CMS defines telehealth, sometimes referred to as telemedicine, as the use of electronic information and telecommunication technologies to extend care to the patient when the pharmacist/provider is in a different location. The telecommunication technology may include face-to-face sessions through live video between the pharmacist/provider and the patient. In 2019, under Medicare Part D, all 649 approved sponsored programs offer patients interactive, person-to-person Comprehensive Medication Review (CMR) via telephone. 92.1% of MTM programs offer face-to-face services, while 74.3% offer MTM services through telehealth. [xx] During the COVID-19 PHE, many State Medicaid programs have extended telehealth to include telephone and other virtual options. As of March 2021, Medicaid fee for service offers reimbursement for live video in 50 states and the District of Columbia.[xxi] Therefore, licensed pharmacists/providers can provide telehealth MTM services across state lines as long as the requirements are met through the plan-sponsored approved MTM program and state laws, when applicable.
[i] Medication Management. (2022). www.pharmacist.com. https://www.pharmacist.com/Practice/Patient-Care-Services/Medication-Management.
[ii] Gray, C., Cooke, C., & Brandt, N. (2019). Evolution of the Medicare Part D Medication Therapy Management Program from Inception in 2006 to the Present. American Health & Drug Benefits, 12(5).
[iii] Medication Therapy Management. (2022). www.accp.com. https://www.accp.com/docs/govt/advocacy/Leadership%20for%20Medication%20Management%20-%20MTM%20101.pdf.
[iv] Using Medication Therapy Management to Treat Chronic Disease. (2021, August 27). Centers for Disease Control and Prevention. https://www.cdc.gov/dhdsp/pubs/guides/best-practices/pharmacist-mtm.htm.
[v] Medication Therapy Management. (2022). www.accp.com. https://www.accp.com/docs/govt/advocacy/Leadership%20for%20Medication%20Management%20-%20MTM%20101.pdf.
[vi] Using Medication Therapy Management to Treat Chronic Disease. (2021, August 27). Centers for Disease Control and Prevention. https://www.cdc.gov/dhdsp/pubs/guides/best-practices/pharmacist-mtm.htm.
[vii] Medication Management. (2022). www.pharmacist.com. https://www.pharmacist.com/Practice/Patient-Care-Services/Medication-Management.
[viii] Medication Therapy Management. (2022). www.accp.com. https://www.accp.com/docs/govt/advocacy/Leadership%20for%20Medication%20Management%20-%20MTM%20101.pdf.
[ix] Centers for Medicare and Medicaid Services. (2018, August). 2018 Medicare Part D Medication Therapy Management (MTM) Programs. https://www.cms.gov/Medicare/Prescription-Drug-Coverage/PrescriptionDrugCovContra/Downloads/CY2018-MTM-Fact-Sheet.pdf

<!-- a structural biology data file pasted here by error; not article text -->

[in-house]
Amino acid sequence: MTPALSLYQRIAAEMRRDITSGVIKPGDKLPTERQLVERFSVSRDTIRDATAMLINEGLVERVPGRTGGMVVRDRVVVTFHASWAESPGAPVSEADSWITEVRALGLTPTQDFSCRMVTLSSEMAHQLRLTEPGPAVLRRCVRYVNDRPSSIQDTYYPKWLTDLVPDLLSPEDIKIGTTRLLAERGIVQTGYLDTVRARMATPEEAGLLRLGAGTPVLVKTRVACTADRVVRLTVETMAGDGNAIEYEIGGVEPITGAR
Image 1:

[x] Medication Therapy Management (MTM) & Medication Therapy Review (MTR). (2022). South Dakota State University. https://www.sdstate.edu/your-pharmacist-knows/medication-therapy-management-mtm-medication-therapy-review-mtr#:%7E:text=What%20is%20a%20Medication%2Drelated,or%20other%20health%20care%20professional
[xi] Pharmacist Billing/Coding Quick Reference Sheet. (2019, June). www.ashp.org. https://www.ashp.org/-/media/assets/pharmacy-practice/resource-centers/ambulatory-care/billing-quick-reference-sheet.pdf
[xii] American Pharmacists Association. (2008). Billing for MTM Services. www.aphanet.pharmacist.com. https://aphanet.pharmacist.com/sites/default/files/files/mtm_billing_tips.pdf
[xiii] Pharmacist Services Technical Advisory Coalition. (2022). Medication Therapy Management Service Codes | Pharmacist Services Technical Advisory Coalition. www.pstac.org. http://www.pstac.org/services/mtms-codes.html
[xiv] National Board of Medication Therapy Management. (2022). State Medicaid Requirements for CMRs and TMRs. https://www.nbmtm.org/mtm-reference/state-medicaid-requirements-cmrs-tmrs/
[xv] Buckley, B. (2015, January). MTM covered by Medicaid, private payors in Wisconsin initiative. Www.Pharmacytoday.Org. https://www.pharmacytoday.org/article/S1042-0991(15)30551-X/pdf
[xvi] 42 CFR § 423.153 – Drug utilization management, quality assurance, medication therapy management programs (MTMPs), drug management programs, and access to Medicare Parts A and B claims data extracts. (2022). LII / Legal Information Institute. https://www.law.cornell.edu/cfr/text/42/423.153
[xvii] National Board of Medication Therapy Management, Thomas, D. & Tran, J. (2020, September 1). Medication Therapy Management. National Board of Medication Therapy Management. https://nbmtm.org/mtm-reference/medication-therapy-management/
[xviii] 42 CFR § 423.4 – Definitions. (2022). LII / Legal Information Institute. https://www.law.cornell.edu/cfr/text/42/423.4
[xix] American Association of Colleges of Pharmacy (AACP). (2022). NAPLEX | AACP. www.aacp.org. https://www.aacp.org/resource/naplex
[xx] Centers for Medicare and Medicaid Services. (2019, September 25). 2019 Medicare Part D Medication Therapy Management Programs. www.cms.gov. https://www.cms.gov/Medicare/Prescription-Drug-Coverage/PrescriptionDrugCovContra/Downloads/CY2019-MTM-Fact-Sheet.pdf
[xxi] Centers for Medicare & Medicaid Services. (2022). Telehealth for Providers: What you need to know. www.cms.gov. https://www.cms.gov/files/document/telehealth-toolkit-providers.pdf